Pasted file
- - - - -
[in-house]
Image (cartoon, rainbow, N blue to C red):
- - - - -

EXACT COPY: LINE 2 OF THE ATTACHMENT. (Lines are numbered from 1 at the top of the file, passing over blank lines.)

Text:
Image (cartoon, rainbow, N blue to C red):